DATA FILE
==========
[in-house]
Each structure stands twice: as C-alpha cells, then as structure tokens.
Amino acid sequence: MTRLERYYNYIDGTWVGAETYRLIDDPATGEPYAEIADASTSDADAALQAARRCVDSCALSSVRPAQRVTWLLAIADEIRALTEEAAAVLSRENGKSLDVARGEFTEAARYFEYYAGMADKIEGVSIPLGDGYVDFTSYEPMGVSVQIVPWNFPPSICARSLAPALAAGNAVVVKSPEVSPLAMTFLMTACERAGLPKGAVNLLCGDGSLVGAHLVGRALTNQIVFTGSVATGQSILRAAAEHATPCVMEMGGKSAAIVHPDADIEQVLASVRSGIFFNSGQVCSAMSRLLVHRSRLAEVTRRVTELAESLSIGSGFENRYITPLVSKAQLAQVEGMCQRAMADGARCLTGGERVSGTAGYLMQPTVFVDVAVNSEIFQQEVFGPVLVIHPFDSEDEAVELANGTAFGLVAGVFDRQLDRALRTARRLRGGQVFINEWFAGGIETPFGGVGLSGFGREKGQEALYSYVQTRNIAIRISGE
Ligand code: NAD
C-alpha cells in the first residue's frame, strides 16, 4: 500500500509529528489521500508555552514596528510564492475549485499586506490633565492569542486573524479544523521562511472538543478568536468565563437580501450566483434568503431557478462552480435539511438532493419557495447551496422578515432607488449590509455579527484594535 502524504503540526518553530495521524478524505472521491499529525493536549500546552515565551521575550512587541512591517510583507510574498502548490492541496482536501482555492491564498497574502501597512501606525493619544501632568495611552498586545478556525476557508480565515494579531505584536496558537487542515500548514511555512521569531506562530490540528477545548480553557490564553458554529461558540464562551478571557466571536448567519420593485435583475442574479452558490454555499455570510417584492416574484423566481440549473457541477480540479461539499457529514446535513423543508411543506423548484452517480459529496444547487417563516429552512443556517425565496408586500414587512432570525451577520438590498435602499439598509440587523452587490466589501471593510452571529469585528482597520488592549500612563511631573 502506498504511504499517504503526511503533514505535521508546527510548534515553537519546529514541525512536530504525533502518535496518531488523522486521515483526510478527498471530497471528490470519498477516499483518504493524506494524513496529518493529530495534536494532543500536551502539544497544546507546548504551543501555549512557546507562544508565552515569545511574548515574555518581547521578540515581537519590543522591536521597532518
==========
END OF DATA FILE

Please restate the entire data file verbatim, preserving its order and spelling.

[in-house]
Each structure stands twice: as C-alpha cells, then as structure tokens.
Amino acid sequence: MTRLERYYNYIDGTWVGAETYRLIDDPATGEPYAEIADASTSDADAALQAARRCVDSCALSSVRPAQRVTWLLAIADEIRALTEEAAAVLSRENGKSLDVARGEFTEAARYFEYYAGMADKIEGVSIPLGDGYVDFTSYEPMGVSVQIVPWNFPPSICARSLAPALAAGNAVVVKSPEVSPLAMTFLMTACERAGLPKGAVNLLCGDGSLVGAHLVGRALTNQIVFTGSVATGQSILRAAAEHATPCVMEMGGKSAAIVHPDADIEQVLASVRSGIFFNSGQVCSAMSRLLVHRSRLAEVTRRVTELAESLSIGSGFENRYITPLVSKAQLAQVEGMCQRAMADGARCLTGGERVSGTAGYLMQPTVFVDVAVNSEIFQQEVFGPVLVIHPFDSEDEAVELANGTAFGLVAGVFDRQLDRALRTARRLRGGQVFINEWFAGGIETPFGGVGLSGFGREKGQEALYSYVQTRNIAIRISGE
Ligand code: NAD
C-alpha cells in the first residue's frame, strides 16, 4: 500500500509529528489521500508555552514596528510564492475549485499586506490633565492569542486573524479544523521562511472538543478568536468565563437580501450566483434568503431557478462552480435539511438532493419557495447551496422578515432607488449590509455579527484594535 502524504503540526518553530495521524478524505472521491499529525493536549500546552515565551521575550512587541512591517510583507510574498502548490492541496482536501482555492491564498497574502501597512501606525493619544501632568495611552498586545478556525476557508480565515494579531505584536496558537487542515500548514511555512521569531506562530490540528477545548480553557490564553458554529461558540464562551478571557466571536448567519420593485435583475442574479452558490454555499455570510417584492416574484423566481440549473457541477480540479461539499457529514446535513423543508411543506423548484452517480459529496444547487417563516429552512443556517425565496408586500414587512432570525451577520438590498435602499439598509440587523452587490466589501471593510452571529469585528482597520488592549500612563511631573 502506498504511504499517504503526511503533514505535521508546527510548534515553537519546529514541525512536530504525533502518535496518531488523522486521515483526510478527498471530497471528490470519498477516499483518504493524506494524513496529518493529530495534536494532543500536551502539544497544546507546548504551543501555549512557546507562544508565552515569545511574548515574555518581547521578540515581537519590543522591536521597532518